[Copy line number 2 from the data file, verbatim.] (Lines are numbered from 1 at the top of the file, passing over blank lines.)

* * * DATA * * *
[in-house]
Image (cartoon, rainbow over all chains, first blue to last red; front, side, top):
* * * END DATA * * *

Image (cartoon, rainbow over all chains, first blue to last red; front, side, top):